Secondary Outcome Measures :
  1. Changes in Alcohol Urges (AUQ) [ Time Frame: Before Procedure to 125 minutes after the procedure. ]
    The urge to consume alcohol will be measured using the Alcohol Urge Questionnaire (AUQ). The AUQ consists of 8 questions 8-56 total point distribution. The greater the total points, the greater the measured urge to consume alcohol. The change in alcohol urge will be assessed with the taking the change (and slopes) of measurements at 45, 30 and 5 minutes prior to procedure and comparing it to measurements taken at 65, 95, 110, 125 minutes following the procedure.

  2. Stress levels in daily experience outside of laboratory [ Time Frame: Post follow-up procedure (30 days) ]
    A smartphone app will be used to collect 4 surveys a day for 30 days after completion of both arms. Multilevel modeling will be used to analyze subjective experience of stress over time.

  3. Genetic Risk Factors (Single Nucleotide Polymorphisms; SNPs) Association with Cerebral Blood Flow, Craving, and Real world drinking and stress [ Time Frame: Post follow up procedure (within 2 years after procedure) ]
    One sample of whole blood will be obtained and analyzed for genomic associations with other outcome measures.



Information from the National Library of Medicine

Choosing to participate in a study is an important personal decision. Talk with your doctor and family members or friends about deciding to join a study. To learn more about this study, you or your doctor may contact the study research staff using the contacts provided below. For general information, Learn About Clinical Studies.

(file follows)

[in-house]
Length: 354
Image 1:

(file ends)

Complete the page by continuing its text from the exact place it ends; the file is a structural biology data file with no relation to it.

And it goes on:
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Ages Eligible for Study:   21 Years to 45 Years   (Adult)
Sexes Eligible for Study:   All
Accepts Healthy Volunteers:   Yes
Criteria

Inclusion Criteria:

  • Binge/Heavy Social Drinkers (HSD): has never met DSM-IV criteria for alcohol or substance dependence; regular alcohol use over the past year of at least 10 drinks per week, including at lease one occasion per week consuming >4 drinks (males) or >3 drinks (females).
  • Able to read and write English.
  • Light Social Drinkers (LSD): has never met DSM-IV criteria for alcohol or substance dependence; regular alcohol use over the past year of 1-3 drinks per occasion, 1-3 times weekly, with no more than one occasion per month of drinking >4 drinks (male) or >3 drinks (females) (King et al., 2002).
  • Do not meet criteria for any Axis I DSM-IV psychiatric diagnoses except for individuals with a past diagnosis of Post-Traumatic Stress Disorder, Major Depressive Disorder, or Obsessive Compulsive Disorder